What Does State-Level Inpatient Palliative Care Data Tell Us about Service Provision?

Journal of palliative medicine

PubMedID: 24597932

Eastman P, Dalton GW, Le B. What Does State-Level Inpatient Palliative Care Data Tell Us about Service Provision?. J Palliat Med. 2014;.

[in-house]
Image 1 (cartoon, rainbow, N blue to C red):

Abstract Background: Palliative care is increasingly seen as an integral component of care for patients with advanced malignant and nonmalignant illness. Clinical audit data can provide important insights into patient care, but limited published data are available investigating statewide palliative care provision issues. Objectives: Our aim was to provide a comprehensive perspective on inpatient palliative care within a populous Australian state, and highlight potential gaps in service provision. Methods: Descriptive analysis was conducted of the Victorian Admitted Episodes Dataset (VAED, a comprehensive database of inpatient activity from all hospitals in Victoria). Variables analyzed included overall number of separations, average length of stay, referral source, age profile, and indigenous status. Results: The mean length of stay for patients in Victorian inpatient palliative care settings was 12.8 days, and there were 6004 separations reported over an 11 month period from approximately 264 designated palliative care beds in the state. The mode of separation for the majority of admissions to inpatient palliative care was death (65%). Few patients resided outside metropolitan regions, and no patients admitted identified as Aboriginal and/or Torres Strait Islander (the indigenous communities of Australia). Conclusion: The pooled epidemiological data reviewed identify a number of areas of interest including the lack of Aboriginal Australians identified and accessing inpatient palliative care, and variations in inpatient care across geographical areas. This highlights issues of access and equity of access to inpatient palliative care.